But man dies and is laid low; he breathes his last and is no more.
"But man dies and lies prostrate. Man expires, and where is he?
"But when people die, they lose all strength. They breathe their last, and then where are they?
But men and women? They die and stay dead. They breathe their last, and that's it.
But man comes to his death and is gone: he gives up his spirit, and where is he?
But mortals die, and are laid low; humans expire, and where are they?
But man dies and is laid away; Indeed he breathes his last And where is he?
|NET © [draft] ITL|
|NET © Notes||
1 tn There are two words for “man” in this verse. The first (גֶּבֶר, gever) can indicate a “strong” or “mature man” or “mighty man,” the hero; and the second (אָדָם, ’adam) simply designates the person as mortal.
2 tn The word חָלַשׁ (khalash) in Aramaic and Syriac means “to be weak” (interestingly, the Syriac OT translated חָלַשׁ [khalash] with “fade away” here). The derived noun “the weak” would be in direct contrast to “the mighty man.” In the transitive sense the verb means “to weaken; to defeat” (Exod 17:13); here it may have the sense of “be lifeless, unconscious, inanimate” (cf. E. Dhorme, Job, 199). Many commentators emend the text to יַחֲלֹף (yakhalof, “passes on; passes away”). A. Guillaume tries to argue that the form is a variant of the other, the letters שׁ (shin) and פ (pe) being interchangeable (“The Use of halas in Exod 17:13, Isa 14:12, and Job 14:10,” JTS 14 : 91-92). G. R. Driver connected it to Arabic halasa, “carry off suddenly” (“The Resurrection of Marine and Terrestrial Creatures,” JSS 7 : 12-22). But the basic idea of “be weak, powerless” is satisfactory in the text. H. H. Rowley (Job [NCBC], 105) says, “Where words are so carefully chosen, it is gratuitous to substitute less expressive words as some editors do.”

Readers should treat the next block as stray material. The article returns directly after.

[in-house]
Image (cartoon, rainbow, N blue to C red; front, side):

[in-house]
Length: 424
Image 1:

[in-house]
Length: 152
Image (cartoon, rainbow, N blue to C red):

3 tn This break to a question adds a startling touch to the whole verse. The obvious meaning is that he is gone. The LXX weakens it: “and is no more.”